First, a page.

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Shell sees future in unconventional gas

Shell sees future in unconventional gas
A Shell logo is seen at a Shell gas station in Sunnyvale, California April 9, 2010. UPI/Mohammad Kheirkhah | License Photo

LONDON, June 30 (UPI) -- A so-called revolution in gas supplies driven in part by shale-gas reserves will allay global energy security concerns, a Shell official said in London.

Malcolm Brinded, executive director of global upstream activity at Royal Dutch Shell, told delegates at an energy summit in London natural gas is one of the best ways to cut greenhouse gases and develop a secure and sustainable energy supply.

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He points to analysis from the International Energy Agency that predicts a rise in global gas demand of around 60 percent, fueled by booming economies in China and India, by 2035.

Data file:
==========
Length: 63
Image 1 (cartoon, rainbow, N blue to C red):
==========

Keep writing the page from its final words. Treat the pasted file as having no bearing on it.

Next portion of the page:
"This demand growth is being supported by the boom in the production of tight gas, shale gas and coal bed methane," Brinded said.

North American unconventional gas reserves are large enough to meet domestic demand for the next century. Concerns about hydraulic fracturing, the method used to get natural gas out of shale rock, has resulted in bans on the method in several countries, however.

Brinded said this means energy companies must provide assurances to its customers while at the same time adhering to the highest operational standards.

"Otherwise, a public good in the form of abundant supplies of cleaner energy is at risk of being obscured by a deluge of misinformation," he said in his prepared remarks.

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Brinded noted that when unconventional natural gas operations are done correctly, there is little cause for concern.

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